The Four CsCost is based on the four Cs: cut, color, clarity and carats. Cut is not the same as shape. Cut refers to the roundness, width and depth of the stone, and the consistency of the facets. Jewelers rate color on a scale of D (the best) to Z (the worst). Diamonds should be as close to colorless as possible. Clarity refers to how clear a stone is. Diamonds contain small imperfections called inclusions that are measured on a scale. Stones are put into categories on this scale that indicate clarity. Finally, carat means diamond weight, which is not necessarily the same as size.
Finding the Right Size and ShapeWhile beauty is in the eye of the beholder, there are some guidelines for choosing the best ring for your hand shape and size. A thicker band with a more prominent stone is more flattering on long, slender, bony fingers or large and/or muscular hands. A larger, prolonged setting -- where the diamond sits higher off the band -- is better for large hands with long fingers.
Women with wide or short fingers should stick to a medium-width ring with a large stone. Stick with bands and settings that lay flat against the finger. For small hands with thin fingers, delicate settings complement your hand best. Short, thick fingers require small stones.
Does it Have to be a Diamond?No! While diamonds still reign as the most common choice for engagement rings because of their durability and strength, more women are choosing colored diamonds or gemstones. Fancy-colored diamonds span nearly every color of the rainbow, and sapphires come in a myriad of colors other than blue.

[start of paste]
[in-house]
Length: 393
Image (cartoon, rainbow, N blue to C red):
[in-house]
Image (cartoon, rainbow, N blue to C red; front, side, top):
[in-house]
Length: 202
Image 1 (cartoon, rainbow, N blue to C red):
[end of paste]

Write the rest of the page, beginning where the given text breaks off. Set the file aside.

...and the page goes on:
The Wedding BandsRings typically come in two different metal colors: yellow, which means yellow gold, or white, which includes white gold or platinum. Platinum and white gold are essentially the same color, but platinum is more durable and more expensive.
Choosing metal color is based on preference and style, but in general lighter skin tones look better with yellow gold. Most brides-to-be these days choose white gold over yellow gold. Rose gold is also gaining popularity. A two-tone ring -- either white and yellow gold, or rose and yellow gold -- makes your ring style more flexible as times and trends change.
Have it Custom MadeJewelers can make just about any ring shape or style work for your hand (and even use optical illusions to do so!). Ask a jeweler if he or she can make something just for you. The most important thing to remember is to go with your gut. Your gut instinct is the ring that will make you the most happy. Even after browsing for an hour or more, you will most likely go back to the first ring you picked out.
Get what you want, but make sure it can withstand a passing trend. Find a stone within your budget and talk to your jeweler about a custom design that will effectively protect it for daily wear.